By Alexandra Zissu

This 2010 book is intended to be a practical resource to help people make good food choices.

Clean Food: A Seasonal Guide to Eating Close to the Source (Revised edition, 2012)
By Terry Walters

The Clean Food cookbook contains recipes for healthy meals that are “closer to the source.”

Wheat Belly: Lose the Wheat, Lose the Weight, and Find Your Path Back to Health
By William Davis, MD (2011)

While highly controversial, there is no doubt this book by a cardiologist has influenced the wheat-free movement.

In addition to the books and documentaries, there are some individuals who have been influential on the food scene.

  • Mark Bittman, cookbook author and former New York Times food columnist, has promoted Meatless Monday, a global food movement active in 44 countries.
  • Jamie Oliver, world-renowned chef and food campaigner, is on a mission to end childhood obesity by promoting healthy eating, good government food policies, and food literacy.
  • Closer to home, chef Michael Smith, with his focus on simple, fast, healthy family meals and his work with Canadian pulses (lentils, dried beans, chickpeas), is making an impact.

Note: Books may be available through your local library as e-books, audiobooks or in print. Local libraries may also have films on DVD. If the local library system doesn’t own a book, they may be able to access it for you through an Inter Library Loan. Many documentaries are available online through sites like iTunes, YouTube or through video streaming services such as Netflix (which currently allows you to sign up for one month free). TVO, PBS and CBC and other networks may be air them or make them available through their websites.

Science writer Michael Pollan has become a household name when it comes to food. You’ll find his many books listed on his website at:

In his 2007 book, The Omnivore’s Dilemma: A Natural History of Four Meals, Pollan follows food chains including organic from source to plate, developing an account of what Americans are eating and the health implications.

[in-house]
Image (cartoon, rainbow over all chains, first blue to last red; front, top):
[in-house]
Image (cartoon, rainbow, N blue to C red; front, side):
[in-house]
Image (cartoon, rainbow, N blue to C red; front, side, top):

In Defense of Food: An Eater’s Manifesto, published in 2009, Pollan proposes “a new (and very old) answer to the question of what we should eat that comes down to seven simple words: Eat food. Not too much. Mostly plants.” Pollan’s documentary, by the same title, is available for a limited time on the CBC website at

Food Rules: An Eater’s Manual (2011) — If looking for a quick read on this subject, this is it.

Cooked — Michael Pollan’s 2013 book, has been turned into a four-part video series available for viewing on Netflix. Pollan explores the power of the four elements — fire, water, air, and earth — to transform the stuff of nature into delicious things to eat and drink. He charts the development of grilling with fire, cooking with liquid, baking bread and fermenting everything from cheese to beer.

Looking for more?

Food Tank is a U.S.-based non-profit organization with a focus on spotlighting environmentally, socially, and economically sustainable ways of alleviating hunger, obesity and poverty, world-wide. You’ll find a list of food advocacy films and books on their website at



About the author


Helen Lammers-Helps

Freelance Writer